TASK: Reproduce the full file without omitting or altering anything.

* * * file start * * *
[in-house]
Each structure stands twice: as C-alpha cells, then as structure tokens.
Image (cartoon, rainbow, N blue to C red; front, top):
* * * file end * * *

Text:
[in-house]
Each structure stands twice: as C-alpha cells, then as structure tokens.
Image (cartoon, rainbow, N blue to C red; front, top):